What You Need to Know About Refinancing Your Mortgage

What You Need to Know About Refinancing Your Mortgage

You may have heard that home loan interest rates are near record lows. Lower interest rates mean that you can save money on your monthly mortgage payment. You will also save in the total amount of interest you will pay over the life of your loan. 

If you have not been through a home loan refinance before, you may not know where to begin. The process of buying your home is very different and has a lot more people involved! Fortunately, refinancing your mortgage is straightforward.

This guide will walk you through the process of a home loan refinance as well as what you can expect along the way. 

What Is a Refinance?

First, it is important to understand how refinancing works. When you bought your home, you took out a mortgage loan to pay the seller, at a certain interest rate, over a certain term.

When you do a refinance, your existing loan will be paid off and replaced with a new loan. The loan payoff is part of the refinancing process. 

You do not need to refinance with your existing lender. You can refinance with any lender, and your new lender will take care of paying off your current mortgage. 

Benefits of Refinancing Your Mortgage

While mortgage refinance rates and reducing your interest are great reasons to refinance your home, they are not the only reasons. Here are some other benefits to refinancing your home.

Reduce Your Loan Term

You may have started with a 30-year loan term, but you can refinance to a 15-year loan to pay off your loan sooner. You can also go in the other direction and extend your term to reduce your payments.

Access Your Equity

As you pay down your mortgage, you build equity in your house. A cash-out refinance allows you to access that equity and receive a check with your loan closing that you can use for home improvements or other expenses.

Debt Consolidation

Similar to accessing your equity, you can use the equity in your home to pay off other higher-interest debts, such as credit cards.

Get Rid of an Adjustable Rate Loan

If you have an adjustable-rate loan, you can refinance into a fixed-rate loan. Your payments will then remain stable over time.

Steps to Refinancing Your Mortgage

If you have decided to refinance your mortgage, what are the steps you can expect? 

Application

First, you will need to apply for a mortgage with a lender. You will need to fill out a home loan application, which is a standard form. Some lenders may have you begin the application process through an online portal. 

On the application, you’ll need to fill out identifying information about yourself and any co-applicant (such as a spouse), including name, date of birth, and social security number. The application will also require you to list out all of your assets and any debts that you have. Your debts may include car loans, credit cards, student loans, and more.

Lock In Your Interest Rate

Once your loan is approved, you will lock in your interest rate. Whatever the interest rate is that day is the interest rate that you will have on your loan. Even if the interest rate goes up (or down) between that date and your closing date, your interest rate will not change.

Putting Your Loan Together

Your lender will then get to work on your loan. Your loan will involve title insurance, which will show the lender your current mortgage as well as any other mortgage, liens, or encumbrances on the property. The lender will also order an appraisal to determine your home’s value.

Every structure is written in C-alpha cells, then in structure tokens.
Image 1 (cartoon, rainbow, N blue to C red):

Closing

Once everything is received, you will schedule a loan closing with the lender. This is where you will sign all of the new loan paperwork and where your existing loan will be paid off. After the loan closing, your monthly mortgage payment will change and reflect the new payment per your new loan terms.

What You Will Need to Provide

While your lender is waiting for your title insurance and appraisal, your loan will also go through underwriting. An underwriter will collect additional information from you to verify what you had submitted on your application. Some of the information requested will depend on whether you are using the same lender or a new lender.

Part of your loan application will including pulling your credit report. This will show the lender your credit score and verify the debts you had reported on your loan application.

You can expect the underwriter to request:

  • Pay stubs covering a 30-day period
  • Copies of W-2s or 1099s
  • Tax returns, if you are self-employed
  • Bank statements
  • Retirement or stock statements
  • Proof of homeowners’ insurance

Your underwriter may also reach out to your employer and complete a verbal verification of employment. They will confirm the information on your paystub and also inquire about the likely future of your position.

In some cases, you may need to provide a written explanation for things the underwriter finds. These could include recent inquiries on your credit report, information regarding late payments, or sources for large deposits into your bank accounts.

It is important to provide information to your underwriter promptly. The more quickly your respond, the faster your loan will go through the underwriting process. In some cases, you may need to provide updated copies of certain documents prior to closing.

Refinance Your Home Loan With Your Local Lender

When you work with a local lender, you will have a more personalized experience. Refinancing your mortgage involves a lot of paperwork, as required by law. It helps to work with a lender with whom you feel comfortable asking questions.

At your community bank, mortgage specialists will keep you informed of your loan’s status every step of the way. They will let you know if you need to provide any additional information to the underwriters and ensure a smooth loan closing.